“I’m very sorry, guys,” Lily said. “This is keeping you from our examination of Hamlet’s methods and/or madness, isn’t it?”
Through the rectangle of glass of her classroom door, Lily glimpsed Beth’s frame and red blouse.
“Ms. Rood. Would you do me the favor of coming to the counselors’ offices during your planning period today, please?” Beth asked.
“Today? I’m trying to get through Hamlet and Great Expectations with my seniors. Does it have to be today?” Lily asked.
“Thanks so much, Ms. Rood. I will see you then,” Beth said, turning her back. And she was gone. Beth personified dismissiveness towards those by whom she felt threatened.
Lily heard the clinking of Beth’s bracelets as she faded down the hall towards the counselors’ offices.
Reentering her class, Lily labored to refocus her mind upon Michael’s earlier question about ghosts. But her thoughts were of meeting with Nathanael early tomorrow at the Cup-n-Saucer, his cryptic intimations of what happened in his mother’s past with Beth and Ruth, and now being called to the counselors’ offices… de trop.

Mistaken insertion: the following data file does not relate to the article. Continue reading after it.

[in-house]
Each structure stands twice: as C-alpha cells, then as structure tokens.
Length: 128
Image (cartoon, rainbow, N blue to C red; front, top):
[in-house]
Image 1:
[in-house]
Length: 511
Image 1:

“’When sorrows come, they come not single spies, but in battalions.’ Who said that?” Lily asked her class.
“Jesus,” the class said.
“No, not Jesus,” Lily said.
“Shakespeare?” the class said.
“Yes. In this very play you’re to have read and understood,” Lily said.
“You always tell us the Bible and Shakespeare supply most of the world’s wisdom,” Michael said.
“I stand by that, Michael. And I’m sure Lily Rood figures in a close third.”
“You’re too much, Miss Rood,” Michael said amidst laughter.
As Lily had their attention again, she tried to reenter Elsinore and the question of Hamlet seeing his father’s ghost.
Even in laughter the heart may ache, and the end of joy may be grief, she heard in her mind.
It was only first period and her planning period was hours away, when she would walk to the counselors’ office; the irony was too much. Beth, a counselor, then headmistress for a blink, and now—what? To counsel Lily? To bring her into whatever past the Aims daughters apparently had never outgrown?
(To be continued)